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Bilabial trill

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Bilabial trill

Bilabial trill
IPA number 121
Entity (decimal) ʙ
Unicode (hex) U+0299
Kirshenbaum b
Braille ⠔ (braille pattern dots-35) ⠃ (braille pattern dots-12)

The bilabial trill is a type of consonantal sound, used in some spoken languages. The symbol in the International Phonetic Alphabet that represents this sound is ʙ, and the equivalent X-SAMPA symbol is B\.

In many of the languages where the bilabial trill occurs, it only occurs as part of a prenasalized bilabial stop with trilled release, [mbʙ]. This developed historically from a prenasalized stop before a relatively high back vowel, such as [mbu]. In such instances, these sounds are usually still limited to the environment of a following [u]. However, the trills in Mangbetu may precede any vowel and are only sometimes preceded by a nasal.

A few languages, such as Mangbetu of Congo and Ninde of Vanuatu, have both a voiced and a voiceless bilabial trill.[1][2]

There is also a very rare voiceless alveolar bilabially trilled affricate, [t̪͡ʙ̥] (written tᵖ̃ in Everett & Kern) reported from Pirahã and from a few words in the Chapacuran languages Wari’ and Oro Win. The sound also appears as an allophone of the labialized voiceless alveolar stop /tʷ/ of Abkhaz and Ubykh, but in those languages it is more often realised by a doubly articulated stop [t͡p]. In the Chapacuran languages, [tʙ̥] is reported almost exclusively before rounded vowels such as [o] and [y].


  • Features 1
  • Occurrence 2
  • See also 3
  • References 4
  • Bibliography 5
  • External links 6


Features of the bilabial trill:


Language Word IPA Meaning Notes
Kele[3] [ᵐʙulim] 'face'
Kom [ʙ̥ɨmɨ] 'to believe'
Komi-Permyak[4] [ʙuɲgag] 'dung beetle' Generally paralinguistic. This is the only

true word it is found in.

Lizu[5] [tʙ̩˥˩] 'bean' Allophone of /u/ after /pʰ p b tʰ t d/
Medumba [mʙʉ́] 'dog'
Neverver[6] [naɣaᵐʙ̥] 'fire, firewood'
Ngwe Lebang dialect [àʙɨ́ ́] 'ash'
Nias simbi [siʙi] 'lower jaw'
Pará Arára[7] [ʙ̥uta] 'to throw away' rare, voiceless
Pirahã kaoáíbogi [kàò̯áí̯ʙòˈɡì] 'evil spirit' Allophone of /b/ before /o/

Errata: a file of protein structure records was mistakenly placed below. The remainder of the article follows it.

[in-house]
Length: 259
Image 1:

Pumi[5] [pʙ̩˥] 'to dig' Allophone of /ə/ after /pʰ p b tʰ t d/
Titan[3] [ᵐʙutukei] 'wooden plate'
Ubykh[3] [t͡ʙ̥aχəbza] 'Ubykh language' Allophone of /tʷ/. See Ubykh phonology
Unua[8] [ᵐʙue] 'pig'
Wari’ [t͡ʙ̥ot͡ʙ̥oweʔ] 'chicken'

The Knorkator song "[Buchstabe]" (the actual title is a glyph) on the 1999 album Hasenchartbreaker uses a similar sound to replace "br" in a number of German words (e.g. [ˈʙaːtkaʁtɔfəln] for Bratkartoffeln).

See also


  1. ^ Linguist Wins Symbolic Victory for 'Labiodental Flap'. NPR (2005-12-17). Retrieved on 2010-12-08.
  2. ^ LINGUIST List 8.45: Bilabial trill. Retrieved on 2010-12-08.
  3. ^ a b c Ladefoged (2005:165)
  4. ^ Wichmann, Yrjö; Uotila, T. E. (1942). Syrjänischer Wortschatz nebst Hauptzügen der Formenlehre. Helsinki: Suomalais-Ugrilainen Seura.
  5. ^ a b Chirkova, Katia (2012). "The Qiangic Subgroup from an Areal Perspective: A Case Study of Languages of Muli" (Archive). In Languages and Linguistics 13(1):133-170. Taipei: Academia Sinica.
  6. ^ See pp.33-34 of: Barbour, Julie (2012). A Grammar of Neverver. Germany: Mouton de Gruyter.  
  7. ^ de Souza, Isaac Costa (2010). "3". A Phonological Description of “Pet Talk” in Arara (PDF) (MA). SIL Brazil. Retrieved 2014-01-09. 
  8. ^ Dimock (2005:19)


  • Dimock, Laura (2005). "The Bilabial Trill in Unua" (PDF). Wellington Working Papers in Linguistics 17: 17–33.  

External links

  • Oro Win recordings
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